When I saw my doctor for my most recent Pap test, she mentioned that they were starting to recommend 5-year intervals for that test. I gave a look like, “Oh, no. This is not going to work.” So I started to ask questions—Won't they miss something? And she told me that a Pap smear only tests for cervical cancer, and that no one was sure even how helpful the manual examination is, and I am thinking of all the years that I had manual exams done that I could have done without.
I do want to see proof. I respect the professionals, so if you can provide proof from whatever studies have been done, then I think I would be more comfortable. Otherwise, I am going to think, “Oh, insurance companies are trying to save money; that's why they're doing that to us.” I don't want to believe that. I want to believe that your patients' health is foremost in your minds and that your research has proven that the exam is pointless. Then I would be okay with it.
See the Patient Interview video to view the patient telling her story.
Routine pelvic examinations have been a part of regular preventive care for decades—62.8 million were performed in the United States in 2010 (1). Historically, this examination was done in conjunction with annual cervical cancer screening. However, since cervical cancer screening can now be performed at intervals of up to every 5 years (2), depending on the patient, whether women need to see their physician annually for a routine pelvic examination is being questioned. Many women and providers continue to believe that routine examination should be a part of the well-woman visit (3). And yet, performing routine pelvic examinations places women at risk for unnecessary procedures and adds direct and indirect health care costs as well as opportunity costs (4).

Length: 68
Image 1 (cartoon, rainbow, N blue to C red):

It is helpful to review the 3 parts of a pelvic examination. First, the external genitalia, including the urethral meatus, vaginal introitus, and perianal region, are visually examined. Next, the speculum examination allows both visual examination of the vagina and cervix and specimen collection for cervical cancer screening. Third, the speculum is removed and the BME is done to palpate the uterus, ovaries, and adjacent structures.
In July 2014, the American College of Physicians (ACP) issued a guideline to present the available evidence regarding the screening pelvic examination for adult, asymptomatic, average-risk, nonpregnant women and recommended against it (5). The American College of Obstetricians and Gynecologists (ACOG) Committee on Gynecologic Practice had previously issued a committee opinion, in August 2012, supporting the need for annual screening and provided guidelines on important elements of the annual examination (3). It reaffirmed its position in a press release after publication of the ACP guideline (6).
The ACP guideline is based on a background article written by Bloomfield and colleagues (7) and a systematic evidence review sponsored by the Minneapolis Veterans Affairs Medical Center's Evidence-based Synthesis Program Center (8). The evidence was reviewed to address the following key questions with regard to routine pelvic examination in asymptomatic women: How accurate is the examination for detection of cancer (other than cervical), pelvic inflammatory disease, and other benign gynecologic conditions? What are the benefits and harms? What are the examination-related harms and indirect benefits? Do these harms vary by patient characteristics?